Their combined bank accounts couldn't rival Mary Kate and Ashley Olsen's. They couldn't strike palpable fear into the hearts of moviegoers like the Grady girls in "The Shining." And neither may harbor hard feelings for one another like Ozzie Canseco does for brother, Jose.
But Milwaukee's Ryan Braun and Tampa Bay's Evan Longoria are unmistakably two of a kind.
Although they're separated in age by two years, have immensely different sprint times and boast nicknames that reflect their contrasting religious denominations (Braun: "The Hammerin' Hebrew," Longoria: "The Crushin' Catholic" – ok, I made the last one up), the corner doppelgangers share many remarkable commonalities.
Both stand at 6-foot-2. Both weigh roughly 210 pounds. Both played high school baseball within 40 miles of one another in the Los Angeles area. Braun was selected third overall by Milwaukee in 2005; Longoria was selected third overall by Tampa Bay in 2006. Both are described by scouts as irregular swingers who generate prodigious power because of accelerated bat speed. Both averaged similar AB/HR marks (Braun 18.2, Longoria 16.7) in nearly the same number of minor league at-bats (Braun 726, Longoria 733). Finally, and most important, both will be perennial .300 BA, 30-35 homer cornerstones for fantasy owners for years to come.
Sure, Braun is strikingly similar to Longoria in several categories, but it doesn't justify vaulting the Tampa Bay prospect up your Draft Day cheat sheets. That is, not immediately. In an eerie twist, Rays management recently decided to apply the Brewers' Braun blueprint from a season ago to Longoria this spring. As Tampa Bay kipper Joe Maddon noted last week in the St. Petersburg Times, "He could come in and hit .500 and that might not make him make the team. It's just going to be how we're seeing it progress, how we feel the whole thing is coming together, a lot of different things."
Considering Japanese import Akinori Iwamura is preparing to transition to second base, Longoria would have to be suffocated by a combative manatee to start the season at Triple-A. Because "sea cows" naturally have a Dusty Baker-like docility, a minor league demotion seems highly improbable.
Even if Longoria emerges from spring training as the Rays' official Opening Day third basemen, it's wise to keep expectations tempered.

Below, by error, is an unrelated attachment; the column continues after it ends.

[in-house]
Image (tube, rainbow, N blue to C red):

What Braun accomplished in his history-making rookie season was simultaneously spectacular and uncommon. After receiving a big league promotion on May 24, the then 23-year-old posted numbers that aroused any spiritless fantasy owner. In 451 at-bats, Braun blasted 34 long balls, drove in 97 runs, swiped 15 bases, tallied a .324 BA and annihilated Mark McGwire's rookie slugging percentage record by 16 points. In Yahoo! leagues, he finished the season as the 18th-best player overall. This century, only Albert Pujols and Ichiro Suzuki's mammoth inaugural campaigns in 2001 were ranked higher in Y! games.
Thus far in early drafts, Longoria is an obscenely thrifty buy. According to MockDraftCentral, his current 245.7 ADP rates him 18th among third baseman behind fragile options Troy Glaus and Hank Blalock. Longoria should be regarded as a tremendous value buy anytime after Round 15 in 12-team mixed drafts given his supreme power upside.
As long as the youngster's fabulous pitch recognition (13.1 BB% in '07) can counterbalance his tendency to be overaggressive on outside sliders, a .280-.290 BA, 22-27 HR, 80-90 RBI, 75-85 R season is achievable in the foreseeable future.
If Longoria reaches those benchmarks, he'll share something else with Braun: a Rookie of the Year trophy.
Changing gears … like its corner counterpart, first base, by in large third is a position characterized by sluggers. However, after an unusual 2006 in which 22 three-baggers crushed 20 or more homers and another 24 surpassed the 70 RBI mark, productivity regressed in '07. Last season, 14 third basemen bashed 20-plus homers and another 18 tallied 70-plus RBI. Although some might perceive third to be a position in transition, the decline in power production was, in actuality, a return to normalcy. From 2001-2005, an average of 14.4 three-baggers blasted 20-homers while an average of 17.0 exceeded 70 RBI.
Juvenile jackhammers Longoria, Kevin Kouzmanoff, Josh Fields, Alex Gordon, Edwin Encarnacion and Andy LaRoche are expected to flirt with or catapult past the 20 homer plateau this year, so a repeat of '06 isn't inconceivable considering the host of seasoned talent the hot corner advertises.
Here is a preview of the risers, fallers and baby crawlers at the hot corner this season:
Lowdown: In his second full season last year, the then 22-year-old corner anchor experienced a bit of a sophomore slump. A noticeable downswing in LD% ('06: 21.8, '07: 16.9) and upswing in FB% ('06: 35.9, '07: 39.5) caused his batting average to plummet 21 points. Despite the downturn, his '08 outliers are appealing. The Nationals' new stadium showcases shallower power alleys, which should boost the youngster's long-ball totals. Also, the acquisition of Lastings Milledge greatly enhances a lineup that depended upon Nook Logan and his abhorrent .304 OBP to generate runs. Zim suffered a broken wrist in early November, but appears to be back at full strength entering spring training. Buy on the cheap.
Lowdown: After speaking at a Fellowship of Christian Athletes luncheon this winter, Fields' misperceived hints of retirement were wildly twisted by Windy City newspapers. Sure Ozzie Guillen's tongue could probably offend a dirty comedian, let alone a devout Christian, but thoughts of Fields retiring at 25 are absurd. In 373 at-bats last year, Fields impressively tattooed 23 homers and posted a HR/FB% in line with mammoth knockers Adam Dunn and Prince Fielder. His 33.5 K% is troubling, but with more experience his batting eye and plate discipline should improve. Don't overspend thinking he'll approach 20-20 territory like he did at Triple-A in '06, but 30-plus homers and low double-digit steals are attainable. To no one's surprise, Guillen has already labeled Fields the leading candidate to win the third base job this spring over veteran Joe Crede, whose current health status is unknown. With an ADP in the 180s, the South Side slugger is one of the most unheralded sources of power in early drafts.